Lost to the Thicket
Space, light, and teakwood glistening.
Windows that overlook the sea.
A simple tea table on one end.
An odd, out of place, bar at the other.
There is room here. Little else.
Space and empty walls.
were you to break into an aria
the echo would reverberate long after you stopped.
You have never studied zen,
but you are aware of it.
Their places and peace resonate with you.
They are, you are sure, on to something.
Room. Room for the soul to expand,
Emptiness less a thing to fill,
than a thing to become
so that you may be filled.
There is a similar tradition in your own faith.
Ancient and Medieval mystics would recognize the path,
but it has been lost in the need to do,
to prove value by cacophony, programs and power,
peace but an afterthought.
A thing lost to the thicket,
the discipline of surrender as virtue
looked on with suspicion, until, always until
our private worlds collapse under the weight,
and we need more than anything,
to know who we are, and where we fit,
and that oh so elusive peace.
Some die in the noise. You have lived there,
voices, too many of them belonging to others,
disguised as love, or value or purpose,
become stones to carry, burdens, blind weights.
They were never your own, these weights,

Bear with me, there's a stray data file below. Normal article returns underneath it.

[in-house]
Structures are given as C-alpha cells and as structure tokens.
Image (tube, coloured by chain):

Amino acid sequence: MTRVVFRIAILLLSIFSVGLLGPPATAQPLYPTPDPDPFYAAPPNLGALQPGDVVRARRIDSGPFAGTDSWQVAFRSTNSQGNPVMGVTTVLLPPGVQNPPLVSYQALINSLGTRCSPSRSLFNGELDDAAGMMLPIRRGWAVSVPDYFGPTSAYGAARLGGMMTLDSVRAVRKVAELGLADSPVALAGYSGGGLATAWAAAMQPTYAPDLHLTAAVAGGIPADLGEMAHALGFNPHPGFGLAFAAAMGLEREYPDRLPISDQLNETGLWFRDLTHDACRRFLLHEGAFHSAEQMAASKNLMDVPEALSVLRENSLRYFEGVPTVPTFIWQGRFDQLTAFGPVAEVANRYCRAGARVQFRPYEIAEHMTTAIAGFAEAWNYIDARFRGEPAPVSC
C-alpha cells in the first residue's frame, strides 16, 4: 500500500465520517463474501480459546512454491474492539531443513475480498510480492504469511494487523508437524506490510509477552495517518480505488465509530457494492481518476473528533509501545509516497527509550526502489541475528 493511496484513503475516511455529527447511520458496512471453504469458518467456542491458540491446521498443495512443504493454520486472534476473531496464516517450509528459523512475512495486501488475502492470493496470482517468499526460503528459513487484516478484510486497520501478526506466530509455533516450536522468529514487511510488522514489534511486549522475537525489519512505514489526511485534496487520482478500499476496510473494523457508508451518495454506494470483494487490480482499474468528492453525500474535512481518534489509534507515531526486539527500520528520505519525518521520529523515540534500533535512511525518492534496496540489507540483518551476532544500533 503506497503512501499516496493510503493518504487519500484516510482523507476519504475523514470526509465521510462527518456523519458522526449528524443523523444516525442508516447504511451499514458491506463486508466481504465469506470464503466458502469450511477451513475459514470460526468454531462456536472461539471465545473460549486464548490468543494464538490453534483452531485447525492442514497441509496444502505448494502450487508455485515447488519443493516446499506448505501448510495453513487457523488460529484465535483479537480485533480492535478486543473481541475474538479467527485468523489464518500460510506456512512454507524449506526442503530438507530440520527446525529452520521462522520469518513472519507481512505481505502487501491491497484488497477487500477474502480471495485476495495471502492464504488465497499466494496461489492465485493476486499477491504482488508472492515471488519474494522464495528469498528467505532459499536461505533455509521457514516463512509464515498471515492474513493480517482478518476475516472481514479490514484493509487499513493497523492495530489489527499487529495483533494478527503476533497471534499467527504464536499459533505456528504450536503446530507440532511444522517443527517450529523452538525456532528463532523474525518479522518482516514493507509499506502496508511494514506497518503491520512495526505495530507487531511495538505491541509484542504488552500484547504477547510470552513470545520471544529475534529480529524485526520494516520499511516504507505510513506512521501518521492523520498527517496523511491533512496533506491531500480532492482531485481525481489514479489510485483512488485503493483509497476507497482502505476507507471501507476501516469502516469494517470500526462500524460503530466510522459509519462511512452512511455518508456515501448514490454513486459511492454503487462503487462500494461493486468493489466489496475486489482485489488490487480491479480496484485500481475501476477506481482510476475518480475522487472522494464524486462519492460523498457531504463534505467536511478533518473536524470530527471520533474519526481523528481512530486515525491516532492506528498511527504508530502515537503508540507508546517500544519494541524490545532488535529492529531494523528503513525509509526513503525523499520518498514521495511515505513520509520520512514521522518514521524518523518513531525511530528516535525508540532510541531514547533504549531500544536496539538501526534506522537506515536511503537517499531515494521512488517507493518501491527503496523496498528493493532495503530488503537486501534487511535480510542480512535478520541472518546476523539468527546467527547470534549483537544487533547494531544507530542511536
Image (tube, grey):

never real, never yours to carry.
You were meant to fly, pure and true
spirit more than flesh, more powerful than flesh.
They were never yours to carry. And here,
in this silent space, you can release them,
with no one to cry foul or curse you
for finding the peace that scares them.
It takes room.
or the courage
to create one.
About this poem
I had trouble meditating this morning, which is unusual. Normally I lose myself to the flow of it almost immediately. That got me thinking about meditation in general.
Some Christian denomination teach that meditation is a bad thing, part of a false faith. I see it differently. Christianity as a religion (not as a spiritual discipline or faith) is a borrowed religion, that for twenty-some-odd centuries has borrowed things from other religion with a glee that would do an artist proud. And there is much in the Buddhist faiths worth living, without detracting one whit from the core of our Christian faith.
Why choose this one thing, meditation, to condemn as dangerous? I confess, I don’t get it. In my mind, anything that opens us up to spirit is good. God is waiting, but not in the noise.
The photograph was taken at the Tea House at “The Breakers”, one of the guilded age mansions in Newport, Rhode Island.
Despite my protestations in the poem, I actually have studied Zen, and most other major faiths.
Be well. Travel wisely,